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November 1971


Author Affiliations

Resident in Otolaryngology Presbyterian Hospital

Arch Otolaryngol. 1971;94(5):481. doi:10.1001/archotol.1971.00770070727021

To the Editor.—The use of the Venturi oxygen injection technique in laryngoscopy should be of great interest to many endoscopists. In reading "Oxygen Injection in Suspension Laryngoscopy" by Barr et al in the June 1971 (Archives 93:606-609, 1971) two questions came to mind. (1) What are the real variations in pressure with this injector? (2) What would be the expected temporal changes in pH, Pco2, and Po2 following induction of general anesthesia, production of apnea and ventilation with 100% o2 for three minutes? The first question is raised because the time constant of an aneroid manometer is too large to measure the rapid fluctuations of pressure induced by this technique. The second question, asking what the control values would be in this experiment, led me to consult the literature.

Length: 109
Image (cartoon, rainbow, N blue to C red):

Frumin et al,1 in 1959, maintained adequate oxygenation in apneic patients for over 30 minutes but

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